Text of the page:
Church media in unique position to confront racism, says panel

Lisa Sharon Harper (C) talks about race and religion in America with Leah Gunning Francis (R) and the Rev. Jerry van Marter (L). Photo: André Forget
Lisa Sharon Harper (C) talks about race and religion in America with Leah Gunning Francis (R) and the Rev. Jerry van Marter (L). Photo: André Forget
By on May 4, 2016

St. Louis, Mo.

Church media have a vital role to play in combatting racism in North America, according to a panel discussion on race and religion held April 21 at the annual convention of the Associated Church Press (ACP).

The discussion was a topical one: not 20 km away from where ACP members met, the 2014 shooting of Michael Brown by a white police officer in Ferguson, Mo., had become a flashpoint for protests over alleged police brutality across the U.S.

Panelists Lisa Sharon Harper and Leah Gunning Francis said the church press is in a unique position to change how faith communities think about race in America, because they tend to be more trusted by their constituents than their mainstream counterparts. Harper is chief church engagement officer at Sojourners, and Francis is professor of Christian education at Eden Seminary and author of Ferguson and Faith: Sparking Leadership and Awakening Community.

Presbyterian News Service editor the Rev. Jerry van Marter, who moderated the discussion, underscored the need for change.

Citing research done by the Public Religion Research Institute, he explained that while 80% of black protestants believe that police violence in the U.S. is part of a systemic pattern of racist treatment, 73% of white, mainline Christians in the U.S. believe they are isolated incidents-which is 11% and 14% more than those affiliated with non-Christian religions and the religiously unaffiliated, respectively.

“If we as writers and editors do not reflect the 73% who believe that state-sanctioned violence is isolated and unsystematic, and our readers do believe this, what explains the discrepancy? How does that disconnect with our own readers come to be?” Marter asked.

Francis suggested that part of the problem is the overwhelming appeal of simple narratives that tell a sensational story.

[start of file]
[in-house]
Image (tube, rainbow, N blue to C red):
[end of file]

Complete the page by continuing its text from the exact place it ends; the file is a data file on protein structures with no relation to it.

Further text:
“The world saw the tanks and the teargas,” she said, speaking of the Ferguson protests of 2014 and 2015, in which she was involved as a community leader. “The world saw the same frame being looped over and over, of folks running in and stealing some things out of stores.” What it didn’t see, she argued, were the thousands of people who protested peacefully, or the people who are “actually collaborating and working in some constructive ways.”

Francis suggested that one of the most practical things the media can do to address misrepresentations is be more intentional about how it gathers information.

“If we’re going to think about constructing a more accurate view of the world, and helping challenge false realities-are we finding the same old sources that reinforce that narrative, or are we willing to expand that table and that pool to help construct a more accurate picture?”

Part of constructing a more accurate view of the world, Harper stressed, involves understanding the long and foundational history of racism and white supremacy in North American legal structures-structures that were sometimes explicitly set up to rob Indigenous people and African-Americans of their political rights and natural resources.

Using the police force as an example, Harper noted that it is an institution that was first organized to escort enslaved people from one farm to another. She said that white Americans need to understand why many African-Americans and Indigenous people might distrust the police before they can understand events like those that transpired in Ferguson.

“Unless we understand the actual history of why the police were invented-which probably wasn’t written down in any newspapers back then-then [we] aren’t going to understand the legacy…or how to change it,” she said.

For this reason, she said, church media must take its obligation to tell the whole story seriously.

“[Journalists] shape the narratives-you are writing history right now. When people look back 20 years on Ferguson, it will just be called history,” she said. “People are going to be reading about it and learning what happened based on what you wrote.”

The panel had originally been organized to include the Rev. Starsky Wilson, a St. Louis-based pastor who serves as co-chair for the Ferguson Commission, but he was unable to be present due to illness.

Author

  • André Forget

    André Forget was a staff writer for the Anglican Journal from 2014 to 2017.

Skip to content